FAQ: Selecting Compressed Air Drain Valves

Choosing the right drain valve is important for getting the most out of your compressed air system. Drain valves remove condensed moisture during operation. If condensate is not removed, the buildup can have expensive consequences.

Moisture buildup can wash away lubrication, and water getting into places it shouldn’t be can spell disaster. Too much condensate can cause rust and scale buildup and place a lot of stress on your air dryer and other components.

Your drain valve options are varied, and not every drain is suited to every application. Most available valves are rated for the most common temperature, moisture and pressure conditions. Some drains are better suited to dirty applications, and there are many ways to increase efficiency and decrease waste.

Powering Your Drain

Many drains will require their own dedicated power source, this is typically 120V AC, but make sure to read the specifications for your valve. Others can be operated pneumatically using the compressed air of the system they’re installed within. This can affect performance in some cases, where some of the pressure in the system is expelled along with the drain contents.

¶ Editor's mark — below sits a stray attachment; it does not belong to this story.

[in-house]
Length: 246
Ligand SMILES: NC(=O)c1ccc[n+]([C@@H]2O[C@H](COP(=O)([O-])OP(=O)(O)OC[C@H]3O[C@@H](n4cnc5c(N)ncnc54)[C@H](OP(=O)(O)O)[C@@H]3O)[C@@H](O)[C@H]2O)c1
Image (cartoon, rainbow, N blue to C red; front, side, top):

Automated Drainage

Valves that must be drained manually can slow operation and decrease efficiency. Many options are available to automate the process. Some valves come paired with simple electronic timers that can be set to go off at predetermined intervals. The problem here is that condensate buildup is not always consistent, and having a valve that opens too often, or not enough in a given situation is going to cause performance problems.

The best solution to this problem is to use a no-loss drain valve. These are great because they operate based on the actual volume of moisture which needs drained. Condensate is collected during operation and when the volume reaches capacity, the valve trips to discharge without interrupting compression

Getting Dirty

The orifice is the part of the drain where clogs are most likely to occur, different drains will have different sizes, and different sizes serve different situations. Diaphragm drain valves generally have the largest orifice. A larger orifice also means more air can escape when the valve is open, but it also limits the probability of fouling the drain.

Ball valves are simple drains which are great for dirty applications, where gunk and buildup could quickly gum up a less robust mechanism.Special drain filters, or strainers, should be used in situations where there’s likely to be buildup around the orifice.